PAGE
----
A study in the journal Frontiers in Psychology found that those who slept poorly were more likely to procrastinate the following day.

How to avoid sleep procrastination:

  • Remove technology from the bedroom to avoid temptation.
  • Take 30 minutes to an hour before sleep to unwind by reading a book, having a hot drink or taking a bath.
  • Use an alarm to notify you when to turn your phone off.
  • Become aware of how you feel when you don't sleep properly.

How to overcome procrastination:

There's no 'one size fits all' approach for overcoming procrastination. If only it were that simple.
But we all have different reasons why we procrastinate and first we need to become aware of these.
"When you start to recognise procrastination behaviours, you might discover some less than pleasant truths that you've been hiding from yourself," says women's business coach Georgina Bowden.
"Maybe you've been making excuses, blaming outside influences or people, or perhaps you're in complete denial about the issue. It's key to show some self-compassion at this stage, but also become aware of how this behaviour is impacting you."
When you learn the reasons why you procrastinate, you can start to take steps to manage and avoid it. "I love the idea of micro-steps," says Georgina.
"If you've been procrastinating about going running every day, then break it down into really tiny, non-threatening steps. The first step could be as simple as putting your trainers on."
If confrontation is causing you to procrastinate, Georgina suggests getting clear about the benefits of doing the thing that you're dreading.
"Remember that the longer you put off making sales calls or having tough conversations with people, the bigger and harder the problem feels," she says.
"It's so easy to catastrophise everything and stay in our comfort zone, but the fear of 'what could be' is usually far worse than the reality."
While sitting daydreaming may seem counterintuitive, it can actually help overcome procrastination if you use it to visualise your goals and action them.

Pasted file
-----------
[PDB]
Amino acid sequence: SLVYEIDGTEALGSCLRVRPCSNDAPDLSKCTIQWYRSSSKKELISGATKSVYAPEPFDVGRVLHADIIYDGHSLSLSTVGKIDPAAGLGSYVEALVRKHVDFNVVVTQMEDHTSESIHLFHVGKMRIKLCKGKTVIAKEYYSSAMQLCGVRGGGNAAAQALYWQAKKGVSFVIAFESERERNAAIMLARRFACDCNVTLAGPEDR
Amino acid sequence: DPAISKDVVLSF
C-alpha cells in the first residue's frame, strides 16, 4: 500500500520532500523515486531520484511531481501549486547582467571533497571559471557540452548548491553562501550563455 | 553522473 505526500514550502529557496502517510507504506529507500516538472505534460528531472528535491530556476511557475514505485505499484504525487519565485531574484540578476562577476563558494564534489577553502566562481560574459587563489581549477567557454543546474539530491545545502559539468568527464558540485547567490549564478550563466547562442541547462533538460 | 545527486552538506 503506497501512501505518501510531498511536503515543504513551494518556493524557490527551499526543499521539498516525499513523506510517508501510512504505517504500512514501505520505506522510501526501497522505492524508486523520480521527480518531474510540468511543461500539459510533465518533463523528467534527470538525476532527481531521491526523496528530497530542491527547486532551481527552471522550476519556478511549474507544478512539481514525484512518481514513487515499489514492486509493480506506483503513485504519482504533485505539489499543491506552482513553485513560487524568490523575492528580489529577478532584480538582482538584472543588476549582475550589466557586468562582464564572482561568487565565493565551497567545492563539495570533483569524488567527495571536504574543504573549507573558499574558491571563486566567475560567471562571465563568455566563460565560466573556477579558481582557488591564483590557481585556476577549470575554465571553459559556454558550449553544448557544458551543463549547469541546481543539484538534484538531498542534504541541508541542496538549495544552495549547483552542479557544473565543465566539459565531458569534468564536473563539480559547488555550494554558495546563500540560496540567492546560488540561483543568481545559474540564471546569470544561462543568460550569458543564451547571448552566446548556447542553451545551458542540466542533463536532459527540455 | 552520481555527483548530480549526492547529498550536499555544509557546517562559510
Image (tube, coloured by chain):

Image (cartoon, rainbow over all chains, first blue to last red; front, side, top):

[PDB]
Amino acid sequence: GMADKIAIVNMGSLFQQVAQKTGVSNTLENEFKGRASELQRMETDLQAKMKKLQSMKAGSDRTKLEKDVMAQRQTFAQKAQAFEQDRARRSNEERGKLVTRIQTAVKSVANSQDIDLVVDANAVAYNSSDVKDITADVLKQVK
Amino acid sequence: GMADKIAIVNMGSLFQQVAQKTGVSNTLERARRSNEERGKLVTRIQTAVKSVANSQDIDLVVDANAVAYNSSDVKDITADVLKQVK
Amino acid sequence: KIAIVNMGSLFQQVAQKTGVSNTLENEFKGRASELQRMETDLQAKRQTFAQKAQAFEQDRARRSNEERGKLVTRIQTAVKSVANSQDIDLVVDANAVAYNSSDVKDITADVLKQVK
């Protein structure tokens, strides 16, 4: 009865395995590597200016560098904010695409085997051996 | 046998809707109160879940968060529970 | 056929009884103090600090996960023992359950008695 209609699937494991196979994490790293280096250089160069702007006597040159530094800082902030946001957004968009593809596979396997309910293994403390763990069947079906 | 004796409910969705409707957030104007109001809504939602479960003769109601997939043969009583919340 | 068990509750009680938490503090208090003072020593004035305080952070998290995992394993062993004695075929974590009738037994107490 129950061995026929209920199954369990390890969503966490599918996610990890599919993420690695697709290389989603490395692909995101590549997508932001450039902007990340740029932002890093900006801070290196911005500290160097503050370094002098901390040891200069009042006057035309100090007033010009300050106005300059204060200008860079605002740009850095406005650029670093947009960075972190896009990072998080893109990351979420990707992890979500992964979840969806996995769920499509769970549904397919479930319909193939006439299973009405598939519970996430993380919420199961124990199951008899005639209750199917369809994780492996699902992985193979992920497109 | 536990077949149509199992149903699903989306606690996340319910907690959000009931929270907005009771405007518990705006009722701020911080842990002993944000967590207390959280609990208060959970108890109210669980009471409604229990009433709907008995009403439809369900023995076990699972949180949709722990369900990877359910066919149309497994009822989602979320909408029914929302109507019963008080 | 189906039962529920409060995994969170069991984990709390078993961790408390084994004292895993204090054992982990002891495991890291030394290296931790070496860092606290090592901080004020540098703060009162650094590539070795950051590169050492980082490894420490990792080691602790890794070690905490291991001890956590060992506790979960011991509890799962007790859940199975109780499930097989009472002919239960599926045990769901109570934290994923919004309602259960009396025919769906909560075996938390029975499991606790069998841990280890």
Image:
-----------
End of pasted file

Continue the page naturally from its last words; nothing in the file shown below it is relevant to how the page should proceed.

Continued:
"A great way to harness the power of your day dreams is to write down all the steps you'd need to take to get to that place, then look at what is the first tiny step you should take," says Georgina.
"Telling someone your plans or sharing on social media is also a great way to get – and stay – accountable."
Georgina admits that it can be really hard to overcome procrastination. But she believes that if you make a firm decision to do something (or stop doing something) you're already halfway there.
Ask yourself the following to determine why you're procrastinating:
  • Does the task make me feel discomfort, boredom or fear?
  • Am I avoiding the task because of how it makes me feel?
  • Does any fear I have about the task relate to social/general anxiety or potential failure?
  • Does the task trigger low self-perception or self-esteem?
  • Am I confident in the task that I'm doing?

Quick fixes for procrastinators:

  • Silence your phone and use an app that monitors and restricts your social media time.
  • Allocate a realistic time slot for tasks (and stick to it).
  • Make a to-do list and prioritise the things you want to do least.
  • Divide your tasks into bite-size pieces.
  • Reward yourself when things are done (hello chocolate!).